My parents separated when I was 21, my mother's idea, and she decided that I should not see my dad. He was a wonderful father to me and when I found out where he was living I popped in to see him one birthday and he seemed pleased to see me. A few weeks later mum said she'd had a note from dad, along with some correspondence from him, asking her to tell me not to visit him again. Even though that is over 45 years ago I still find it hard to believe and feel it was mum's doing and not dad's. They are both long gone (1971 and 1985) but sometimes tiny regrets do linger on over the years even though you try to let water flow under the bridge and away.
    His son's two daughters were so fortunate in having dad for their grandfather and I've always regretted that my two children missed out on that.
    I understand fully what you said about some of the over-sentimental rubbish printed in greeting cards (of all kinds in fact) and sometimes just a fairly plain one will suffice.

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    1. Dearest Mimsie! I feel your sadness, too. That does sound like a very strange thing for your dad to say to your mom, after your visit had gone well. Maybe it WAS her doing.....If only parents could see ahead of time what some of their decisions and actions would do to their children...If only....I, too, still have small regrets every now and then, even though I have forgiven both my parents. Most of those regrets are because of what I didn't ask or say when I had the chance. But, as you said....water under the bridge. Thank you so much for stopping and commenting. I really do appreciate it!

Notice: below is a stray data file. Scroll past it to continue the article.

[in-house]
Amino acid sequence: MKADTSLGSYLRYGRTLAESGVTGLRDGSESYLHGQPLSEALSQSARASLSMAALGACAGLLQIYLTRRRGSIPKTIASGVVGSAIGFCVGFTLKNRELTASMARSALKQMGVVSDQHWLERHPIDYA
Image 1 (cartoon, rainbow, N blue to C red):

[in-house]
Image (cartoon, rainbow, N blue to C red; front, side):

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    2. I intended to add that Dad asked to see me and we sat and had a long talk about many things (he was probably about 83 then) and I managed to iron out a lot of misapprehensions he had about my part in his separation from Mum. We became friends and my children were able to get to know him a little but he had stroke shortly after so we were then restricted to hospital visits before his death a year later. I am so glad though that he and I understood each other before I lost him again, this time forever.

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    3. I'm glad you had that time together, Mimsie. My dad and I e-mailed, and talked on the phone, and I visited him in Iowa a few times, during the year and a half before his death.